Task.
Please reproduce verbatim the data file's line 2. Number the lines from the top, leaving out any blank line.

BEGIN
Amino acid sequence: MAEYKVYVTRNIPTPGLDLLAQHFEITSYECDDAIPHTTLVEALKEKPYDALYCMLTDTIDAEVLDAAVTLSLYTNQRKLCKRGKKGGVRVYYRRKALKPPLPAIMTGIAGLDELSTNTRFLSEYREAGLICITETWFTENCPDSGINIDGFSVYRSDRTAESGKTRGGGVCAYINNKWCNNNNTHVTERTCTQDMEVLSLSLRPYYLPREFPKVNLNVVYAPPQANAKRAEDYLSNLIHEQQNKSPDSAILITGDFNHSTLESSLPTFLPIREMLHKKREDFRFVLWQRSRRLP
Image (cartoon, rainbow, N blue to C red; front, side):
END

Image (cartoon, rainbow, N blue to C red; front, side):